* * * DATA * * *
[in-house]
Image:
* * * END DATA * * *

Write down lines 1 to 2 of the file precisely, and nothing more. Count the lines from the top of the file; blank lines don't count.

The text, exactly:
[in-house]
Image: